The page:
Gloves of Eons by Andrew D. Meredith


Factions rise — Zeal ignites — Bells toll Hanen and Rallia Clouw find themselves between power hungry factions and must choose which tools to take up to reach their goals. With the Rotha revealed to be a thinking, breathing being, Katiam Borreau must tread carefully and choose her allies wisely. Ousted from their western holdings, the Paladins of the Hammer retreat to the west to face new and old intrigue set against them. Made the unwitting messenger of dark gods, Seriah Yaledít seeks solace in the road, fleeing from blind panic gnawing at her mind. Dark tools forged, scale weights measured, cities made pawns of those in power, and the secrets of heresies long past come fully into the light to cast their dark shadows on everything. All would be heroes must give their lives, Or be made illustration— For those who’ve still to come and try, To fall or rise, Above their station. Gloves of Eons is Volume Three of the Kallattian Saga, the Epic Fantasy series from Andrew D Meredith.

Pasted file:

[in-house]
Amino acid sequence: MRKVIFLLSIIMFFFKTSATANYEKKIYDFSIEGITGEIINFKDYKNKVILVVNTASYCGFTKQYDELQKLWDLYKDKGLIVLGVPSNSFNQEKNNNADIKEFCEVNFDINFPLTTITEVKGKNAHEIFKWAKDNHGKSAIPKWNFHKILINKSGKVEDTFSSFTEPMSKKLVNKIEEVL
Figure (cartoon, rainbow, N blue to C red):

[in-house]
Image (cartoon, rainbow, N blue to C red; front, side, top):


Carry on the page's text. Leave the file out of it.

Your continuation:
Gloves of Eons does what every good sequel should, improve on the previous works of the series and add fresh new elements. I loved this book and I’m confident that this is Meredith’s best work to date. The profoundly deep worldbuilding is what first piqued my interest in the Kallattian Saga, and the author does not let up with that in this book. But for those less interested, Gloves of Eons also has the best character work and quickest paced plot of the series yet.